One fall day about a year ago, struck by the guilty feeling that hits after baking a particularly wicked and sinfully rich chocolate cake, I vowed for the sake of health and all that’s dear to me to cook more vegetables. But not just any vegetables. No, I wanted to cook those that rarely, if ever, filled my pots or waited in vain in my vegetable crisper until I discovered their rotten remains long past their expiration dates.
The litany of possible vegetables turned out to be more complex than I expected: Parsnips. Turnips. Rutabaga. Sweet potatoes. Mustard greens. Brussels sprouts.
So I soon found myself in the produce section of my local grocery store, humming along with the song playing in the background. I glanced up and saw rows of plastic boxes of Brussels sprouts sitting on a very high shelf.
And I realized that I’d never eaten a single Brussels sprout in my entire life. How had this happened?
After all, they look like tiny cabbages, toy-like, the sort of thing you might find in a dollhouse. And most people eat cabbage without too much fuss, don’t they? What could be so bad about them?
You know how certain things trigger little videos in your mind, bringing up memories best forgotten or maybe those that seemed of no significance at the time. Food aversions tend to fall into the first category. The whole question of eating or not eating Brussels sprouts reveals a lot about American cooking, how cooks treated vegetables, what they serve with Brussels sprouts, beliefs about food, familial habits, and even seasonality of food.
Standing there with a box of Brussels sprouts in my hand, I remembered a conversation with friends about those cute little mini-cabbages. To a person, every single one of them groaned and made retching noises as they recalled the horrors of Brussels sprouts. One friend, Janice [not her real name], told a sad story: Her mother forced her to sit at the table until she ate every single Brussels sprout on her plate. “Even our dog wouldn’t eat them,” she wailed, her inner child emerging up for a moment, shuddering as she told how their usually omnivorous dog slunk away, leaving her in the dark kitchen to face her fate. Years later, she still knew the exact number of nicks in the yellow Formica table top and how the cold metal rimming the chair seat chilled her thighs. A tear or two rolled down her cheeks as another friend handed over a Kleenex. No one said anything for a few moments, sunk in their own memories of hated foods.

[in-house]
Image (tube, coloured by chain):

Just as I was about to put the box back on the shelf, a woman of a certain age came up behind me and reached over my shoulder to grab a box of Brussels sprouts.
“How do you fix those things?” I asked her. “I’ve never eaten one in my life, much less cooked one.”
She looked at me as if I’d just sprouted another head, but plunged forth with a long discourse on how she treated those little green things. “But the best way,” she said, “is to roast them with garlic, olive oil, and some pancetta. Be sure to serve mashed potatoes and roast pork with them.” She, like so many people today, snuck a look at her watch and darted off with a quick “Good luck. Enjoy,” and a long white scarf trailing behind her.
And that is how I finally ate Brussels sprouts, something people had been doing since the 18th century,* when all sorts of experiments in French and British gardens resulted in the most loathed vegetable of all, even more detested than spinach.
I must thank my mother for never cooking them. If she had, I might never have known how good they can be. I came at them, it might be said, with a clean heart.
Thinking about the ramifications of Brussels sprouts, it’s interesting, too, how prejudice against foods presents, in a way, a microcosm of how other human aversions and prejudices develop, isn’t it?
*Some commentators suggest that the Romans knew of Brussels sprouts and imply, too, that Burgundians living in the 15th century served Brussels sprouts.
© 2012 C. Bertelsen